Rambling Rose On The Sidewalk

My sister always taught me the importance of cultivating an interesting personality, possibly because she knew our personalities would otherwise be constantly overshadowed by our “interesting” cultural/ethnic backgrounds. She warned me about a lot of things that my starry-eyed self wished to never succumb to; such as, the unnervingly loud warning signs that shoot off in a woman’s brain when an endless barrage of men comment on her status while she tries to enjoy a normal walk down the street. Also, run-on sentences, but I never really listen.

Here’s what I actually want to say: Walking in public places has become an alarmingly frightening thing for me, and I almost don’t want to do it anymore. 

I have a traveler’s soul and am hard to dissuade from going anywhere I please at any time, but constant harassment and brute “interest” in my ethnicity (whether verbalized, or shown with a distasteful amount of eyeball-on-face/body interaction) is getting stupid obnoxious. I literally cannot walk more than two blocks without someone (ALWAYS a male) making an uninvited comment on my appearance, or gazing uncomfortably hard if I dare make any amount of eye contact.

I don’t feel comfortable anywhere I go. It does not matter what I am wearing, where I am going, how broke, homeless, ill, or closed-off I am that day.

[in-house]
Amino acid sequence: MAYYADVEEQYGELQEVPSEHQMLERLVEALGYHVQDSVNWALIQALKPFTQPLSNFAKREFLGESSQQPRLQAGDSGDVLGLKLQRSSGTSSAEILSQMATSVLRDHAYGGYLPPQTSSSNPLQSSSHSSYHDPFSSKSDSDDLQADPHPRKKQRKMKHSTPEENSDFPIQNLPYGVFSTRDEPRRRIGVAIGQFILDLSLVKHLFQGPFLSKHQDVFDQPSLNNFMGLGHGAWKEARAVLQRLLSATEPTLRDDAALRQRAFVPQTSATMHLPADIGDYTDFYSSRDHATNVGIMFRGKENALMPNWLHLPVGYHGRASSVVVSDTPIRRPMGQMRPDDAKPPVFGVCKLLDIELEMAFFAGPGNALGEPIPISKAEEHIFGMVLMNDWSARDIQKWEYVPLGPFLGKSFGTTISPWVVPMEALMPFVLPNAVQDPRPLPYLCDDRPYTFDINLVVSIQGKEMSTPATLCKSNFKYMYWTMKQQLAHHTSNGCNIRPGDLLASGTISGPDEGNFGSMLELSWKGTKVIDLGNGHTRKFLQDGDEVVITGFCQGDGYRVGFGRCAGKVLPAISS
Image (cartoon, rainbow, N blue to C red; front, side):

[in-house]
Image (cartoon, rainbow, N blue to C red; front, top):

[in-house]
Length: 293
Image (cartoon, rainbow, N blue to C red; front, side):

Although this may seem like a feminist issue, I am writing it here with a purpose.

There are two main types of skeeve that I encounter in daily life—those who make unwanted advances from a distance, and those who make unwanted advances through prolonged conversation. And guess what’s ALWAYS a topic of conversation! Clearly, the most interesting thing about me, my ethnicity.

Once again, “Oh, you’re Jewish?”, “How are you Jewish?”, “Mm, that’s really interesting. I like some nice caramel skin.”

Fucking creepy.

I do not care what kind of skin you like. I plan on keeping my skin attached to my body, and far, far away from yours, and if you wish to dangle my parents’ races and religions over my head as bait, then you need to go find another fish. I have no desire to be dissected for your personal fetish in half-Black, half-White, Jewish chicks. When I’m going to shul with my sister, or on a walk with my mom, not an appropriate time to approach me with your weird comments. When I’m walking with my dad and you say nothing, unless you say it to him and talk about me like I’m not there (as if it is perfectly okay to indirectly hit on a man’s daughter to said man) know that the only thing you could possibly get from me is a look of discomfort as the bile shoots up my esophagus.

I am not a walking advertisement for any race or religion. Yes, my parents did a rare thing for their time, and got married despite the national opinions about White folks and Black folks gettin’ together and making them crazy interracial babies, but that will never give you a proper excuse to act so rudely to anyone!


Stop being gross.

Stop treating me as a fetish. Stop telling me you like girls with a “…..insert inappropriate racial/ethnic slur that you try to put off as a compliment…”